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Posted 12 May 2013 - 09:03 AM
Posted 12 May 2013 - 10:02 AM
What I do in debug/optimised-debug builds is have a glGetError once per frame. If it detects an error, it'll printf it, then flick a switch which enables the 'thorough' testing mode which consists of a glGetError check after every single gl call. The hope is that if there's an error that fires every frame, then I'll get an assert on the problem line, without having the overhead of hundreds of glGetError calls per frame unless something has gone wrong.
In the event that flicking to the thorough mode doesn't catch the error next time around, then I just assert, and typically I'll run again with thorough mode enabled from the getgo.
In final builds I don't do any error checking.
Posted 12 May 2013 - 11:00 AM
glGetError may affect your performance (I haven't noticed a significant impact myself, but many people including the authors of OpenGL Insights tell you such) and may at the same time not deliver good enough information to realize immediately what's wrong when doing the "typical" sporadic check.
For that reason, I'm using a debug context during development. You can turn it off by flipping a switch, and it's much more straightforward too (errors are synchronously reported to your callback function as they occur, not when you sporadically poll at some random time later). For a release build, it's California or Bust.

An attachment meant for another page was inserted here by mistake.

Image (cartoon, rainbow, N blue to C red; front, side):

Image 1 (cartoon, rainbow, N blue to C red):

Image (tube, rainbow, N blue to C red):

Either your code is correct (correct enough as to not produce errors with a debug context), then it must work, assuming the driver isn't buggy. On the other hand, if the driver is buggy, it probably won't work, but there's nothing you can do about it. You're fighting windmills, so not much point in doing a lot of error checking in release build.
I'm not sure if that approach is the best possible, but it's what I personally think is reasonable.
Edited by samoth, 12 May 2013 - 11:02 AM.
Posted 13 May 2013 - 10:09 AM
gDEBugger and/or CodeXL. Always works. For releases there shouldn't be any errors. However you may still want to look at them each frame.
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Posted 13 May 2013 - 01:19 PM
Thanks for your replies, it's definitely been refreshing to get some new perspective. I'll naturally keep on following the thread (and subforum), and hopefully this proves to be helpful to other people too.
Looks like I've been thinking about how to manage the error handling sprinkled around all the GL code, when it probably could be more constructive to think whether it makes any sense to do it explicitly per command at all or generally how to keep this concern contained in it's own place. No point in extensive checking in release mode, point well taken, but also questionable much it makes sense to keep on following the eight or so relatively vague error codes alone even during development.
The once in a frame checking and runtime toggling of error reporting are things I haven't though of at all and they sound like sensible ways to avoid console or log spamming. When it comes to tools, last night I downloaded CodeXL, and should take a better look at it hopefully soon.